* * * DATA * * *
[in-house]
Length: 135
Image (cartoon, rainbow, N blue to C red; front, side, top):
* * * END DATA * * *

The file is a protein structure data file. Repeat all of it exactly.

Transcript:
[in-house]
Length: 135
Image (cartoon, rainbow, N blue to C red; front, side, top):